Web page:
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Climate Change may it Rest In Peace by Professor Will Alexander May 23, 2010

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Climate Change may it Rest In Peace by Professor Will Alexander

By Professor Will Alexander
Climate Realists, May 19, 2010

may it

Cause of death

1. Provably false assumption that human activities can influence global climate for which there is no scientifically believable evidence.

2. Provably false assumption that the increases in global temperatures are the cause of climatic changes. Multiyear variations in global climate are driven by variations in the receipt and poleward redistribution of solar energy via the atmospheric and oceanic processes, not temperature variations. This is high school physics.

3. Complete lack of numeracy skills and logical deductions by the climate change adherents.

4. Deliberate manipulation of climate change science to suit political objectives.

In memoriam

Read the rest here

The IPCC’s carcass by Will Alexander, S. African UN Scientist March 1, 2010

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The IPCC’s carcass by Will Alexander, S. African UN Scientist


February 26th 2010

Let me start by quoting from my last two emails

4 February 2010 Email 04/10


‘We are now witnessing the disintegration of the IPCC’. That is what I wrote in sixteen days ago.

The bombardment continues with increased ferocity. The IPCC cannot possibly survive.

Read the attached memo.

Anthropogenic global warming (AGW) was the blood that circulated through the veins of climate change science and kept it alive. In the short space of four months it has been shown that the globe ceased warming in 1995. Climate change science is dead.

The recent news was a great relief to those of us who have spent many hours of our lives searching in vain for the proclaimed consequences of climate change. We can now relax while watching the predators devouring the climate change carcass. See the attached and previous memos for details.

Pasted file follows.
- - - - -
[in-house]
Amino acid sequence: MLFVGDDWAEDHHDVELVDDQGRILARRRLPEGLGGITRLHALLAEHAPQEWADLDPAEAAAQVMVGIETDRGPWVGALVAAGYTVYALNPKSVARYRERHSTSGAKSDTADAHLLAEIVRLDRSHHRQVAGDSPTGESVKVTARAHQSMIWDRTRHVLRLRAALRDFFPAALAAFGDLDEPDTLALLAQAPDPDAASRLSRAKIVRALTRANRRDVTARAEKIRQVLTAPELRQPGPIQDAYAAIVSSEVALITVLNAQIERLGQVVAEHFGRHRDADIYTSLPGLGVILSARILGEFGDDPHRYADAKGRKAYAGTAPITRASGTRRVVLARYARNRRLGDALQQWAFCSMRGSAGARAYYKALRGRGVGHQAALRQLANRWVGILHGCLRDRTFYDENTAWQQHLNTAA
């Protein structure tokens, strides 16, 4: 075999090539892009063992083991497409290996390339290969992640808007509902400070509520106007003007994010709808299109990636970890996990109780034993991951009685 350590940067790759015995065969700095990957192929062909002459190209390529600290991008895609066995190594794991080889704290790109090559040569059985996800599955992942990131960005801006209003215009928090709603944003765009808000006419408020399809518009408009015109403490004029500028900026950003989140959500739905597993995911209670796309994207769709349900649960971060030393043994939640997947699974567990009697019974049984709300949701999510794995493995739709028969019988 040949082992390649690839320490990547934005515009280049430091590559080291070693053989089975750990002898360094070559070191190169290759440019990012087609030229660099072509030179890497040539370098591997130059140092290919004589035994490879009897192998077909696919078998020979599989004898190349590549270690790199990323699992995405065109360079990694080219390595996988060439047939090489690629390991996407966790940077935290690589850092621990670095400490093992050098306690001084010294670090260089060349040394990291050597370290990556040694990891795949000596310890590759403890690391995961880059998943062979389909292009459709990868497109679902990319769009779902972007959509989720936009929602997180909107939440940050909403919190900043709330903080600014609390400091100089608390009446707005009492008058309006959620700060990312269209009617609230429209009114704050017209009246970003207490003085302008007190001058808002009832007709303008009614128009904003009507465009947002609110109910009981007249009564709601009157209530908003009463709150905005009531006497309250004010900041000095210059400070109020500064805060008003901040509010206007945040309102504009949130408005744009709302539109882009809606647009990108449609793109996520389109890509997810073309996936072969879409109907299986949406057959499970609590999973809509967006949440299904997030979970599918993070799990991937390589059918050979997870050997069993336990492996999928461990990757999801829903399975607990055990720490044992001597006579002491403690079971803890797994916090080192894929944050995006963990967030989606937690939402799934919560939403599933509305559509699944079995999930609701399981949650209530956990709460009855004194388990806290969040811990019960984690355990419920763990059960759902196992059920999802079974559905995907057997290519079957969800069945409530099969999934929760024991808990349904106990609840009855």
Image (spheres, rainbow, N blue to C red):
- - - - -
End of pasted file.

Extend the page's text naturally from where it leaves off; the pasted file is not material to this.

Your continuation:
Those with a more philosophical view should consider the possible consequences of this failure on international, political, economic and scientific relations in the years ahead.

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COPENHAGEN COLLAPSE by Will Alexander, S. African UN Scientist December 21, 2009

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COPENHAGEN COLLAPSE by Will Alexander, S. African UN Scientist

Via Climate Realists, December 20, 2009

My memo with this title is attached together with my message titled Children of Africa.

Copenhagen has come and gone. It was a nail biting experience watching the developments on TV and downloading all the Internet items. Now I can get on with my life.

While you enjoy the Christmas festivities, give a thought to the millions of people in the world living in conditions of abject poverty.

Regards and a Merry Christmas,


Read the rest here

CLIMATEGATE CHAOS by Will Alexander, S. African UN Scientist. December 9, 2009

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CLIMATEGATE CHAOS by Will Alexander, S. African UN Scientist.

Via Climate Realists, December 7, 2009

Today is D-Day for Copenhagen. The organizers could not possibly have foreseen so much unfavourable publicity. Thirty million Google hits in three weeks!

The international stakes are monumental.

Never in the history of science has a single issue generated so much interest and controversy.

Looking closer, never in the history of science has there been such a flagrant disregard for the fundamental requirements of scientific endeavour. These are clearly described in the UNESCO/ICSU Declaration on science and the use of scientific knowledge (1999).

Please Click PDF file to read FULL report from Will Alexander

File attachment: Memo3309Climategatechaos.pdf

VICTORY AND THE CLIMATEGATE AFFAIR by Will Alexander December 3, 2009

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Via Climate Realists, December 2, 2009

This has been a thrilling two weeks observing the climate change battle. The ‘enemy’ is in full retreat. The war has yet to be won but they have run out of ammunition.

If you are interested in thrillers I strongly recommend that you relax in your armchair with your favourite refreshment at hand. Then read the attached documents plus the latest developments in the climategate scandal.

Also, keep an eye on the developments leading up to the critical Copenhagen discussions starting next week. Their objective is to produce a binding international agreement to replace the Kyoto Protocol that expires in 2012. It has become clear that major developed nations are retreating from their bold plans to prevent our planet from becoming uninhabitable within the next 100 years.